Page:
Section A. Worldwide expansion of TYLCV. 1. Appearance and expansion of TYLCV: a historical point of view; S. Cohen, M. Lapidot. 2. An insular environment before and after TYLCV introduction; H. Delatte et al.. 3. The Bemisia tabaci complex: genetic and phenotypic variation and relevance to begomovirus-vector interactions; J.K. Brown. 4. Survival of whiteflies during long distance transportation of agricultural products and plants; P. Caciagli. Section B. The TYLCV genome. 5. The Tomato yellow leaf curl virus genome; B. Gronenborn. 6. Molecular biodiversity, taxonomy and nomenclature of Tomato yellow leaf curl-like viruses; M. Abhary et al.. 7. Recombination in the TYLCV complex: a mechanism to increase genetic diversity: implications for plant resistance development; E. Moriones et al.. Section C. Virus-vector-plant interactions. 8. Replication of geminiviruses and the use of rolling circle amplification for their diagnosis; H. Jeske, M. Rojas. 9. Interactions of Tomato yellow leaf curl virus with its whitefly vector; H. Czosnek. 10. Localization of Tomato yellow leaf curl virus in its whitefly vector; M. Ghanim, V. Medina. 11. Localization of Tomato yellow leaf curl viruses in the infected plant; C. Wege. 12. Identification of plant genes involved in TYLCV replication; A.G. Castillo et al.. 13. Biotic and abiotic stress responses in tomato breeding lines resistant and susceptible to Tomato yellow leaf curl virus; R. Gorovits, H. Czosnek. Section D. Integrated Pest Management measures and protection of tomato cultures. 14. Detection methods for TYLCV and TYLCSV; G.P. Accotto, E. Noris. 15. Management of Tomato yellow leaf curl virus - US andIsrael perspectives; J.E. Polston, M. Lapidot. 16. The management of Tomato yellow leaf curl virus in greenhouses and the open field, a strategy of manipulation; Y. Antignus. 17. Introduction of Tomato yellow leaf curl virus into the Dominican Republic: the development of a successful integrated pest management strategy; R.L. Gilbertson et al.. 18. Resistance to insecticides in the TYLCV whitefly vector Bemisia tabaci; R. Horowitz et al. Section E. Natural and engineered resistance. 19. Screening for TYLCV-resistant plants using whitefly-mediated inoculation; M. Lapidot. 20. Sources of resistance, inheritance, and location of genetic loci conferring resistance to members of the tomato-infecting begomoviruses; Y. Ji et al.. 21. Exploitation of resistance genes found in wild tomato species to produce resistant cultivars; pile up of resistant genes; F.S. Vidavski. 22. Transgenic approaches for the control of Tomato yellow leaf curl virus of tomato plants resistant to TYLCV; J.E. Polston, E. Hiebert. 23. Gene silencing of Tomato yellow leaf curl virus; G. Anfoka. Section F. International networks to deal with the TYLCV disease; the needs of the developing countries. 24. International networks to deal with Tomato yellow leaf curl disease: The Middle East Regional Cooperation (MERC) program; D.P. Maxwell, H. Czosnek. 25. AVRDC's international networks to deal with the Tomato yellow leaf curl disease - the needs of developing countries; S.K. Green, S. Shanmugasundaram.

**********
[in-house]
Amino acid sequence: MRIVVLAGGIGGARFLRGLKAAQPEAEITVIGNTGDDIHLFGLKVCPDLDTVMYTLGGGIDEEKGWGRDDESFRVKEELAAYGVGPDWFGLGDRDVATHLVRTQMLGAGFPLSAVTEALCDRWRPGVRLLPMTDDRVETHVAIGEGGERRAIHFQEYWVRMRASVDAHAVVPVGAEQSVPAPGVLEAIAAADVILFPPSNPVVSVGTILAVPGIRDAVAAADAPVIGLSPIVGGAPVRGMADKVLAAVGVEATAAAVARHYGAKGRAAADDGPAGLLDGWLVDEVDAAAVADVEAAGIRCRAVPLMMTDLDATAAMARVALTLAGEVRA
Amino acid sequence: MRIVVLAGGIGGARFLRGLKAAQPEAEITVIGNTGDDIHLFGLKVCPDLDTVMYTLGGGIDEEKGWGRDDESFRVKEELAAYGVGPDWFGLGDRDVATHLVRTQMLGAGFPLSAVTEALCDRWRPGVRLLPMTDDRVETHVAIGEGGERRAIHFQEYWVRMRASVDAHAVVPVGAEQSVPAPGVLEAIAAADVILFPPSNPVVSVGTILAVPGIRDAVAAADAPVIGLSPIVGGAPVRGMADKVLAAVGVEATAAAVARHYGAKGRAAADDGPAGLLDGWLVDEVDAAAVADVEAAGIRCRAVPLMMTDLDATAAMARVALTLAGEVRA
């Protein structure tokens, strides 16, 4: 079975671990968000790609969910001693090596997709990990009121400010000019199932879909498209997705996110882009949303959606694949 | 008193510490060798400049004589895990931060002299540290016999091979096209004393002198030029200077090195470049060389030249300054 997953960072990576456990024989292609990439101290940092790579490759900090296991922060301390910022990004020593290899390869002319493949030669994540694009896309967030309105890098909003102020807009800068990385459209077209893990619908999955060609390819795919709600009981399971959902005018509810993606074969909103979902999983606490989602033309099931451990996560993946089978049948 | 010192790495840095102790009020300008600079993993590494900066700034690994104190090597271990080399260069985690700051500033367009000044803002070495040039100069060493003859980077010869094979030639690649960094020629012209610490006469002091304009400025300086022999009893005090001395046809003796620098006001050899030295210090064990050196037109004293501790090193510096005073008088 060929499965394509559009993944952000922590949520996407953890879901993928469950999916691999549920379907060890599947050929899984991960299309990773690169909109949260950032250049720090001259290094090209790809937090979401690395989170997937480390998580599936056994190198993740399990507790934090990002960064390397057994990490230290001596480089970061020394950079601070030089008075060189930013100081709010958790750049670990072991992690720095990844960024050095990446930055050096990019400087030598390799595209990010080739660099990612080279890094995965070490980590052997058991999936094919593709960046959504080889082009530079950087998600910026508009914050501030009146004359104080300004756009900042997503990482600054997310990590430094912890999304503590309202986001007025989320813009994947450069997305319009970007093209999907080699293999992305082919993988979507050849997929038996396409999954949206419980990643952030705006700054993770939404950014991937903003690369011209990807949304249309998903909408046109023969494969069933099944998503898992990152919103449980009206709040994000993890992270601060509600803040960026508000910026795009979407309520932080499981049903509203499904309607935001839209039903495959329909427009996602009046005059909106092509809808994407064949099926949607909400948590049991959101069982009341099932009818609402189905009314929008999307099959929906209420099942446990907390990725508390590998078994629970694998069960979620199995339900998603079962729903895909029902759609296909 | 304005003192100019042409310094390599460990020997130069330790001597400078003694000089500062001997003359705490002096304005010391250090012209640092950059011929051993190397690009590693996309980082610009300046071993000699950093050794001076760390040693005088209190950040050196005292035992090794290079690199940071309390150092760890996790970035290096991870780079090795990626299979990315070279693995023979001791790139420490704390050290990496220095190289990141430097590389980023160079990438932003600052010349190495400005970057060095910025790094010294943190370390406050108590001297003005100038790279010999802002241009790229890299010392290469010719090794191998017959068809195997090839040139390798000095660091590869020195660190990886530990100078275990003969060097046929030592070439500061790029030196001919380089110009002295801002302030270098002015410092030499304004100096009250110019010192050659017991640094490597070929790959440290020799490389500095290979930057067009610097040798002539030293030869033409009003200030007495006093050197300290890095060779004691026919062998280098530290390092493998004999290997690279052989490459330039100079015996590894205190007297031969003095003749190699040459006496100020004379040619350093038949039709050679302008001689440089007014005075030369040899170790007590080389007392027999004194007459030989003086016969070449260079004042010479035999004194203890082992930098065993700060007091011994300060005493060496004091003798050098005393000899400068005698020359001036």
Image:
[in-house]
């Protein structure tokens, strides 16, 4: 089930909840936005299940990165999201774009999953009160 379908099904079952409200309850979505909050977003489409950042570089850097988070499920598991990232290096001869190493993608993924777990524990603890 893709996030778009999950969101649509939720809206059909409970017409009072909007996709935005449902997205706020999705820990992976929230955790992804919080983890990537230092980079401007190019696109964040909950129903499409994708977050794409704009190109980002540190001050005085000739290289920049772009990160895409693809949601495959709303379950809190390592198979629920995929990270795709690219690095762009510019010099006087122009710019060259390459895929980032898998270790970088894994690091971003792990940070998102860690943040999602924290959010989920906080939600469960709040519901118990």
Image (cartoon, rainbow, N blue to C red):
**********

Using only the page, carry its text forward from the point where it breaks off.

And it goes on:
Ideally suited to horticulturalists and plant virologists, this highly useful text offers a multidisciplinary view on one of the major diseases of tomato crops, the tomato yellow leaf curl disease. It deals with epidemiological aspects of the disease as well as integrated pest management in the field. Coverage discusses the efforts aimed at breeding tomato plants resistant to the virus by classical breeding, by marker-assisted breeding and by genetic engineering.
This book offers a multidisciplinary view on one of the major diseases of tomato crops, the tomato yellow leaf curl disease. It deals with epidemiological aspects of the disease as well as integrated pest management in the field. Coverage discusses the efforts aimed at breeding tomato plants resistant to the virus by classical breeding, by marker-assisted breeding and by genetic engineering. The book summarizes the techniques used for diagnosis, eradication and certification. It also emphasizes the problems inherent to the control of the virus insect vector, the use of pesticides and the resistance acquired by the insects, the appearance of new whitefly biotypes with previously unknown characteristics, and the complicated relationships between virus, vector and plant host.